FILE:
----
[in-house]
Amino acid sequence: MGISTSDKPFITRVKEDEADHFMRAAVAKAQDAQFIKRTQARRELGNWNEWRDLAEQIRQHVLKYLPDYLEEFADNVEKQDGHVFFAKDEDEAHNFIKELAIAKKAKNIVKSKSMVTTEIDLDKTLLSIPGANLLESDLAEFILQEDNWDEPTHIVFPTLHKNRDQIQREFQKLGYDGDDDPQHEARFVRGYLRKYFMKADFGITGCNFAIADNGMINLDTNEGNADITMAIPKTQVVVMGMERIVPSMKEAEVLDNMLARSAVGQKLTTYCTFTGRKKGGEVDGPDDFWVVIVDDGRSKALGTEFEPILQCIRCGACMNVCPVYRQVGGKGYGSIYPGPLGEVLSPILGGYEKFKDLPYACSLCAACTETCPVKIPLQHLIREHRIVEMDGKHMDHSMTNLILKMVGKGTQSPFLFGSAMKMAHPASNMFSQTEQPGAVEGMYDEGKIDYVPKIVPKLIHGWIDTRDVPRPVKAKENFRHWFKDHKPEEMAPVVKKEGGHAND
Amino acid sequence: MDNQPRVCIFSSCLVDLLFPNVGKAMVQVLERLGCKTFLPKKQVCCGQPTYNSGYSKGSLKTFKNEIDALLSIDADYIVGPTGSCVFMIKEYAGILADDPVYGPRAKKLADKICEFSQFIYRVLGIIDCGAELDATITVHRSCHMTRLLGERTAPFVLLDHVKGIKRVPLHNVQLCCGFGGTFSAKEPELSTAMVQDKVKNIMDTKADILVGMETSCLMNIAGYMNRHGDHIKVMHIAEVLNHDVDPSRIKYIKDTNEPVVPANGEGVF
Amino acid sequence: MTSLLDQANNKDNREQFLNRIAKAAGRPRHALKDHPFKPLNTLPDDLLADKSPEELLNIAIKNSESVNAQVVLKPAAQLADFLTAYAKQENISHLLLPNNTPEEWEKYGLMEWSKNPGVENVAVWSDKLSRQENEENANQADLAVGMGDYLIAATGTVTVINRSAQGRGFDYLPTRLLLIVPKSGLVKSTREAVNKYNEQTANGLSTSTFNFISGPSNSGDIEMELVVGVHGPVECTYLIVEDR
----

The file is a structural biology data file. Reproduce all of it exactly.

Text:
[in-house]
Amino acid sequence: MGISTSDKPFITRVKEDEADHFMRAAVAKAQDAQFIKRTQARRELGNWNEWRDLAEQIRQHVLKYLPDYLEEFADNVEKQDGHVFFAKDEDEAHNFIKELAIAKKAKNIVKSKSMVTTEIDLDKTLLSIPGANLLESDLAEFILQEDNWDEPTHIVFPTLHKNRDQIQREFQKLGYDGDDDPQHEARFVRGYLRKYFMKADFGITGCNFAIADNGMINLDTNEGNADITMAIPKTQVVVMGMERIVPSMKEAEVLDNMLARSAVGQKLTTYCTFTGRKKGGEVDGPDDFWVVIVDDGRSKALGTEFEPILQCIRCGACMNVCPVYRQVGGKGYGSIYPGPLGEVLSPILGGYEKFKDLPYACSLCAACTETCPVKIPLQHLIREHRIVEMDGKHMDHSMTNLILKMVGKGTQSPFLFGSAMKMAHPASNMFSQTEQPGAVEGMYDEGKIDYVPKIVPKLIHGWIDTRDVPRPVKAKENFRHWFKDHKPEEMAPVVKKEGGHAND
Amino acid sequence: MDNQPRVCIFSSCLVDLLFPNVGKAMVQVLERLGCKTFLPKKQVCCGQPTYNSGYSKGSLKTFKNEIDALLSIDADYIVGPTGSCVFMIKEYAGILADDPVYGPRAKKLADKICEFSQFIYRVLGIIDCGAELDATITVHRSCHMTRLLGERTAPFVLLDHVKGIKRVPLHNVQLCCGFGGTFSAKEPELSTAMVQDKVKNIMDTKADILVGMETSCLMNIAGYMNRHGDHIKVMHIAEVLNHDVDPSRIKYIKDTNEPVVPANGEGVF
Amino acid sequence: MTSLLDQANNKDNREQFLNRIAKAAGRPRHALKDHPFKPLNTLPDDLLADKSPEELLNIAIKNSESVNAQVVLKPAAQLADFLTAYAKQENISHLLLPNNTPEEWEKYGLMEWSKNPGVENVAVWSDKLSRQENEENANQADLAVGMGDYLIAATGTVTVINRSAQGRGFDYLPTRLLLIVPKSGLVKSTREAVNKYNEQTANGLSTSTFNFISGPSNSGDIEMELVVGVHGPVECTYLIVEDR